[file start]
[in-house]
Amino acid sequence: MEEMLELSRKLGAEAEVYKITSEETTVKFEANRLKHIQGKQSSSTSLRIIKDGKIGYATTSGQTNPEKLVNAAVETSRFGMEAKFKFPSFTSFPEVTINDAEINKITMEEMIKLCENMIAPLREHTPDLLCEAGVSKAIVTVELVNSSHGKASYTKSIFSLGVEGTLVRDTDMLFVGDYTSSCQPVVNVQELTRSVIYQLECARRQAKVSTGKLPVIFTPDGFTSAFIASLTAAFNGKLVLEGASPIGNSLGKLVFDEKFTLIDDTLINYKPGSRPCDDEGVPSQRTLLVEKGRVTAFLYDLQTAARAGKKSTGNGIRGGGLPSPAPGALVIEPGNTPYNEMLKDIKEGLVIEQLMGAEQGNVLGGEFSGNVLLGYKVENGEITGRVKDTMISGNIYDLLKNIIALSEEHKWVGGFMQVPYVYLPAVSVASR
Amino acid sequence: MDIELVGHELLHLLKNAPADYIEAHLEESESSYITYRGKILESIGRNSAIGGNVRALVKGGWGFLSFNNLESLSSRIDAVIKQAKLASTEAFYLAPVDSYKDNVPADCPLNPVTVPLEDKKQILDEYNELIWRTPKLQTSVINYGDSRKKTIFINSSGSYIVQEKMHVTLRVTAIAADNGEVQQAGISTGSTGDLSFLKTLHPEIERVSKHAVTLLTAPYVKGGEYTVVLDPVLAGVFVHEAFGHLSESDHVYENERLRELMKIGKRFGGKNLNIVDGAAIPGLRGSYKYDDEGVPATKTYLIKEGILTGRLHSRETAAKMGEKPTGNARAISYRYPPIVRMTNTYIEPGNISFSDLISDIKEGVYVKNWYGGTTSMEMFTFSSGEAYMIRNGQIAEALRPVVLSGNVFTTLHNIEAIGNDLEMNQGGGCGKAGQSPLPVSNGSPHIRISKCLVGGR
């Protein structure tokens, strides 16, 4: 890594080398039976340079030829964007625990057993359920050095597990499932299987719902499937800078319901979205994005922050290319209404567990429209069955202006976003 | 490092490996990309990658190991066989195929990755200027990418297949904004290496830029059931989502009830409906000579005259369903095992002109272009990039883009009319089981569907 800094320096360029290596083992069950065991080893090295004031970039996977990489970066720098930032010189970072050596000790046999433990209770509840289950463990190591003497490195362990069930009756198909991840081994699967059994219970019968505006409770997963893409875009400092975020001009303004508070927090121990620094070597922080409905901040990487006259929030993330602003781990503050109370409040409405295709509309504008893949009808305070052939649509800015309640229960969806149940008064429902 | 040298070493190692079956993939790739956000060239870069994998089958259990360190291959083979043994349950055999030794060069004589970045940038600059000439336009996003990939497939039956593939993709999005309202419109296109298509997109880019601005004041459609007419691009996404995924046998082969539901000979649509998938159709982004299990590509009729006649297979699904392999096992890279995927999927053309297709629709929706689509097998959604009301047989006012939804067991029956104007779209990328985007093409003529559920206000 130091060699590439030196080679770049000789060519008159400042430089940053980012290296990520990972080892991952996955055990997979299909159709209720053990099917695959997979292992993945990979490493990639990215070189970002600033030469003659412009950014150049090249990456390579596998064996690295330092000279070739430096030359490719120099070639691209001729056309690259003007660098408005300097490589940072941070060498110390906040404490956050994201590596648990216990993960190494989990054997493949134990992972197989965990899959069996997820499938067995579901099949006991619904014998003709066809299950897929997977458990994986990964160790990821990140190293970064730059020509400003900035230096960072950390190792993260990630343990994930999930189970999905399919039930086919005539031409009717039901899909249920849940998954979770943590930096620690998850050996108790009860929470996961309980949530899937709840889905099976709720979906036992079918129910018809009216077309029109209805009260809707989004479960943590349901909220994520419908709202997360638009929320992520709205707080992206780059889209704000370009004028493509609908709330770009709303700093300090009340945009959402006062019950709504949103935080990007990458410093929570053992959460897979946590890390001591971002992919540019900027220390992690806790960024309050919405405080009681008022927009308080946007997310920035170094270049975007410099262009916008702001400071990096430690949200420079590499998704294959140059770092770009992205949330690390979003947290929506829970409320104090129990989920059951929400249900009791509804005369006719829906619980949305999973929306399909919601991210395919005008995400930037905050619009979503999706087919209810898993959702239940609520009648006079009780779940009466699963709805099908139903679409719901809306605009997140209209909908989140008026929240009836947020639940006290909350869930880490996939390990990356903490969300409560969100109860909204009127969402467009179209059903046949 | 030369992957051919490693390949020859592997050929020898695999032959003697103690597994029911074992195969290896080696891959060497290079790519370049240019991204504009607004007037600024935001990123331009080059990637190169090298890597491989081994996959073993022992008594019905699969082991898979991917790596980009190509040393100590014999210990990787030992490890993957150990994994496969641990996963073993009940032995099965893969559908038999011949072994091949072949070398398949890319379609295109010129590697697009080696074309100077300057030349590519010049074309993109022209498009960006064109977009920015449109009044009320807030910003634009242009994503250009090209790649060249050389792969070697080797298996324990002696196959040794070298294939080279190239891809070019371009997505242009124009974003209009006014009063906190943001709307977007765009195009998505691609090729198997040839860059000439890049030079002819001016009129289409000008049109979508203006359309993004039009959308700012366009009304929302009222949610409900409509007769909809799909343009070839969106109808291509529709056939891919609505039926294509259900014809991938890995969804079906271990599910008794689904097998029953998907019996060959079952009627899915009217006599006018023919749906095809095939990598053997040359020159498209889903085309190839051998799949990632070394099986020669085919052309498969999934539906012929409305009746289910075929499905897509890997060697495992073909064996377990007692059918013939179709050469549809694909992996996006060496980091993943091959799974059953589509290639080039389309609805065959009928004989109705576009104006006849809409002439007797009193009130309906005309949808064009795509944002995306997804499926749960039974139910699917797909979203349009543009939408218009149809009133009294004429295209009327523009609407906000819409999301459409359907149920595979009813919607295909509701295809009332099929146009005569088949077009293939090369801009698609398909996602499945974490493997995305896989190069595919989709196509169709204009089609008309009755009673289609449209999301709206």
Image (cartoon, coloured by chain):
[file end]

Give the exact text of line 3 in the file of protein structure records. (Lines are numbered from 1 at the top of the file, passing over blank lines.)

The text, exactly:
Amino acid sequence: MDIELVGHELLHLLKNAPADYIEAHLEESESSYITYRGKILESIGRNSAIGGNVRALVKGGWGFLSFNNLESLSSRIDAVIKQAKLASTEAFYLAPVDSYKDNVPADCPLNPVTVPLEDKKQILDEYNELIWRTPKLQTSVINYGDSRKKTIFINSSGSYIVQEKMHVTLRVTAIAADNGEVQQAGISTGSTGDLSFLKTLHPEIERVSKHAVTLLTAPYVKGGEYTVVLDPVLAGVFVHEAFGHLSESDHVYENERLRELMKIGKRFGGKNLNIVDGAAIPGLRGSYKYDDEGVPATKTYLIKEGILTGRLHSRETAAKMGEKPTGNARAISYRYPPIVRMTNTYIEPGNISFSDLISDIKEGVYVKNWYGGTTSMEMFTFSSGEAYMIRNGQIAEALRPVVLSGNVFTTLHNIEAIGNDLEMNQGGGCGKAGQSPLPVSNGSPHIRISKCLVGGR